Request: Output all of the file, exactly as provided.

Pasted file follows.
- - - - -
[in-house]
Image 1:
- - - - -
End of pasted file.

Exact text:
[in-house]
Image 1: